Nicole Grey (foenix) wrote,
Nicole Grey
foenix

Hunter's Moon - Day 19

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Okay, so...here's what happened.

As y'all remember me saying, I was *not* happy with what I wrote yesterday.  I like parts of it, big parts, but it occurred to me the biggest problem with it, was the timing.  That was NOT the time to tell Merrick's story.  It was time for Cole's.

So, I took Merrick's section, set it aside, and will reuse it later.  I think I know where that needs to go now.  This might even give me time to smooth out the rougher spots of it.  I am NOT throwing it out, it just wasn't where it needed to be.

Which bring us to today's writing, which is the ACTUAL sixth Dark Side interlude, Cole's story.  Or, should I say, Nadia's?  And that's why it's named a little weirdly.


The Dark Side - Part the Sixth, Three Years Ago

        It was the best birthday ever, and it would become the worst.
        Nadia had just turned 15.  She was a normal, carefree, ordinary girl.  Nothing stood out about her from the rest.  She was so average, it was almost a statistical anomaly just how average she was.
        She was a straight A student, but she never made a big deal about her grades.  Her parents did more than enough of that for her.  Nadia would have been quite happy to just keep her achievments to herself.
        She was involved in gymnastics, and while she was not the best student, she was, yes, quite average.  She was good enough to help her team beat others, but not much more.  She might never win a gold medal for her efforts, but if she applied herself, she may have one day won a bronze.  That was all her teacher really expected from her.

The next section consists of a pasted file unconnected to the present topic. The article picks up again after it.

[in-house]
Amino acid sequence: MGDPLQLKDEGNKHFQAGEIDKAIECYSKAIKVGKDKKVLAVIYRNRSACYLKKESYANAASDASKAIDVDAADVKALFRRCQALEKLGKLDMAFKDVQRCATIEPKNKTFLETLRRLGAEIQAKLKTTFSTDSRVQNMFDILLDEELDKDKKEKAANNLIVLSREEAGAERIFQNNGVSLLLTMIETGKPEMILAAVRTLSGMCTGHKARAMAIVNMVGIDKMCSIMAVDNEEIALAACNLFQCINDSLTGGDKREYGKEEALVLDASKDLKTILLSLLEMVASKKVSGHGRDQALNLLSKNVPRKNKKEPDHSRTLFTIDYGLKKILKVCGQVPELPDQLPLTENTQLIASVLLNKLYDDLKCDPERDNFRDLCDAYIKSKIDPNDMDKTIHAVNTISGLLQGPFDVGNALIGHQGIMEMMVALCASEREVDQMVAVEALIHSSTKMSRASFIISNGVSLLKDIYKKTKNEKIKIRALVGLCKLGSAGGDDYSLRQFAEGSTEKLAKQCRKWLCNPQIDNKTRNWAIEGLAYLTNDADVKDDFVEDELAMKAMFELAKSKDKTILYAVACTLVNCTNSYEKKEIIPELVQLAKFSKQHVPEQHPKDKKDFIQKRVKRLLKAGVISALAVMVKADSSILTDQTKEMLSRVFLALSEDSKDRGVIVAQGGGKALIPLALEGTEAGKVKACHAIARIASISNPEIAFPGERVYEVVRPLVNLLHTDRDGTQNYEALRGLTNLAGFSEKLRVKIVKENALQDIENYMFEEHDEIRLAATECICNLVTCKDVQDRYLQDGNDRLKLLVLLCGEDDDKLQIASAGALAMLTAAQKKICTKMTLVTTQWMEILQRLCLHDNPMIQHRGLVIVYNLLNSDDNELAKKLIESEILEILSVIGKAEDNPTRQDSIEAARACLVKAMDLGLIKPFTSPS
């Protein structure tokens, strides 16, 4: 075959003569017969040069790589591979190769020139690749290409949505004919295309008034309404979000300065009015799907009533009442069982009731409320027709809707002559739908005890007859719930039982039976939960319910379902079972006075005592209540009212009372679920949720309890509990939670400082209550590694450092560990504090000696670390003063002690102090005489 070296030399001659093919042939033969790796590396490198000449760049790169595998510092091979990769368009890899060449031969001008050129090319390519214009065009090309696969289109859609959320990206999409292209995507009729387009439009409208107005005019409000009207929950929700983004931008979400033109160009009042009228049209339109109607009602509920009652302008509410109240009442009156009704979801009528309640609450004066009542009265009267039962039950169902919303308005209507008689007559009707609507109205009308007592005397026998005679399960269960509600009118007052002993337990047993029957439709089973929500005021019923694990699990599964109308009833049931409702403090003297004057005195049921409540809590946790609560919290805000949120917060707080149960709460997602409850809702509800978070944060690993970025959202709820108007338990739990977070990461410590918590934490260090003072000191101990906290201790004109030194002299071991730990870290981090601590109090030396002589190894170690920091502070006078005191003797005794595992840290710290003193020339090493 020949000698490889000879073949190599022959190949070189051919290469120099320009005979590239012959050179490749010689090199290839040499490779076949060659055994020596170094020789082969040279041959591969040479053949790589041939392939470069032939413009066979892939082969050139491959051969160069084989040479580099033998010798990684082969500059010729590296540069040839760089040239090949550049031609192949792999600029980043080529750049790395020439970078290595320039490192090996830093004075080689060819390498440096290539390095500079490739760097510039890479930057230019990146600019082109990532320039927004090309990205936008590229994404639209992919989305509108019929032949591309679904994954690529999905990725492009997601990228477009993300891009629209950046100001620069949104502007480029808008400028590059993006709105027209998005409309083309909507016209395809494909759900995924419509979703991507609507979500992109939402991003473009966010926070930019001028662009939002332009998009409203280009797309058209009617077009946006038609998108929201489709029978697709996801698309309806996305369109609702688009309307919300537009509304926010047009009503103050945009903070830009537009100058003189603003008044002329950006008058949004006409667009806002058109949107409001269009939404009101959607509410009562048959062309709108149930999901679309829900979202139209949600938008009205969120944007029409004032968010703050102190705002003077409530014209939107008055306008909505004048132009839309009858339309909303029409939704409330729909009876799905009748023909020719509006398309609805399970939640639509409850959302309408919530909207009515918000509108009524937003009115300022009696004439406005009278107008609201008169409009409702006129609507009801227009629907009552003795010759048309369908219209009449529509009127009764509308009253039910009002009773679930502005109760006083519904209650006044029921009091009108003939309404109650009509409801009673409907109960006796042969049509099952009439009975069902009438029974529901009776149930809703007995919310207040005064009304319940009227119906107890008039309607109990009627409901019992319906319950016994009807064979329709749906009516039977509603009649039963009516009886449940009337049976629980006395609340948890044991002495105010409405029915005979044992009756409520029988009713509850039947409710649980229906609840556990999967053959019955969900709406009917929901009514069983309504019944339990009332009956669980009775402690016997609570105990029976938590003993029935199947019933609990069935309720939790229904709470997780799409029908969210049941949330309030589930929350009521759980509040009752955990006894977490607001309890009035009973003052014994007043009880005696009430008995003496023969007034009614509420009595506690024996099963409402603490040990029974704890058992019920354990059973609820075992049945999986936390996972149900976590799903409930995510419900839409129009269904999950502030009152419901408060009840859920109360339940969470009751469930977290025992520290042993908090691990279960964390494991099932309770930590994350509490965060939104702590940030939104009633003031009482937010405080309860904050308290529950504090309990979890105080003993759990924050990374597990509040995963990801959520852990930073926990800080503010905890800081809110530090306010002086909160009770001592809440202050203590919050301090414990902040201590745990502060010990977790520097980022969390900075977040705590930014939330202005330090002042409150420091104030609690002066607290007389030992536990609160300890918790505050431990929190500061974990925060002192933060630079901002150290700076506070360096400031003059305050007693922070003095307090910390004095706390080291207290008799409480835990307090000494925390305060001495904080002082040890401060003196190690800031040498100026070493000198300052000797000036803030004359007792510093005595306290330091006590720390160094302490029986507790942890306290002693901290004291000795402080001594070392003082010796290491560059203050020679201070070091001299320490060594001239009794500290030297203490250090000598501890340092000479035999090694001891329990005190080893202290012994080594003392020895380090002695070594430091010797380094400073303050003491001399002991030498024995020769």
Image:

Not that she would ever go on to win any awards.
        When she was younger, she had even taken ballet classes, but found that wasn't quite for her.  Still, she had channeled that into her gymnastics classes, for all the good it did her.
        Nadia never would have described herself as sporty, it was just something to do around going to classes.  It wasn't that she disliked it either, she quite enjoyed herself in fact, but it was just something to do until she figured out what to do with her life.  She was only 14, after all.
        Well, not anymore, she had to keep reminding herself.  They may have thrown a party over the weekend, but it was now Monday, February 10th, her real birthday, and she was now 15.
        That was not a big deal around her household, but living in Arizona, she had her fair share of friends who had moved up from Mexico, and she knew all about their celebrating a girl turning 15.  It was hard to avoid it, when all of her friends at school were congratulating her on the big day.
        Nadia wished it wasn't a big deal, because she didn't think it was one.  She had survived another year on the planet, just another day.  She had woken up 365 more times since her last birthday, and that was the biggest accomplishment behind it all.
        Her birthday was the same as the day before it to her, and tomorrow would be just the same as her birthday.  No big deal.
        If everyone would just treat it like another day, and no one said happy birthday to her (Except for maybe her parents!) then that would have been just fine for Nadia.  She hated all the pomp and circumstance behind it.